• Welcome to BirdForum, the internet's largest birding community with thousands of members from all over the world. The forums are dedicated to wild birds, birding, binoculars and equipment and all that goes with it.

    Please register for an account to take part in the discussions in the forum, post your pictures in the gallery and more.
ZEISS DTI thermal imaging cameras. For more discoveries at night, and during the day.

Fan-tailed Raven - BirdForum Opus

Photo by Shailesh Patel
Samburu N.R., Kenya, August 2006
Corvus rhipidurus


46 - 47cm. An unmistakable, small raven:

  • Very short tail, rounded at tip; wing projection goes well beyond tail when sitting
  • Flat crown
  • Small, stubby bill
  • In flight, bat-like appearance with short tail and broad-based wings
  • Plumage black
  • Dark brown eye
  • Black bill and legs

Sexes similar but female averages marginally smaller. Juveniles similar to adult with shorter throat feathers and more rounded wings.

Pair of Fan-tailed Ravens
Photo by yossi
Ein Geddi, near the Dead Sea, Israel, July 2003

Similar species

Brown-necked Raven and Ethiopian Raven both easily distinguished by their longer tails and narrower wings. Thick-billed Raven likewise, and also markedly larger and heavier-billed. Common Raven does not overlap with Fan-tailed Raven.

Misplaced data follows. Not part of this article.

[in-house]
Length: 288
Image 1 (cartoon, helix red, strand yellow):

Sub-Saharan Africa (locally south of Sahara, highlands of Sudan, Ethiopia, Eritrea, Djibouti, Somalia to east Uganda and Kenya), southern Middle East (north to southern Jordan and southeastern Israel) and the southern and western Arabian Peninsula.
Locally common or abundant.


Clements regards this species as monotypic[1].
Other sources[2] recognize two subspecies:

Formerly sometimes placed in its own genus Rhinocorax.


Gorges, canyons and barren desert cliffs. Seen foraging near oasis and human settlements. From sea-level up to 2400 m, sometimes up to 4000 m.


Usually seen in pairs or small flocks.


Omnivorous; feeds on grain, berries, dates, insects and carrion. Takes also eggs or nestlings out of nests and scavenges around human settlements. Sometimes rides on goats and camels in search for ectoparasits.


Breeding season differs through range. A solitary nester. The nest is a flimsy structure made of twigs and placed in a crevice on a cliff face. Very rarely in a tree or a building. Lays 2 - 6 eggs. Sometimes paratisitised by Great Spotted Cuckoo.
A sedentary species with some dispersal in winter.


  1. Clements, J. F., T. S. Schulenberg, M. J. Iliff, B.L. Sullivan, C. L. Wood, and D. Roberson. 2012. The eBird/Clements Checklist of Birds of the World. 6th ed., with updates to October 2012. Ithaca: Cornell Univ. Press. ISBN 978-0801445019. Spreadsheet available at http://www.birds.cornell.edu/clementschecklist/downloadable-clements-checklist
  2. Del Hoyo, J, A Elliott, and D Christie, eds. 2009. Handbook of the Birds of the World. Volume 14: Bush-shrikes to Old World Sparrows. Barcelona: Lynx Edicions. ISBN 978-8496553507

Recommended Citation

External Links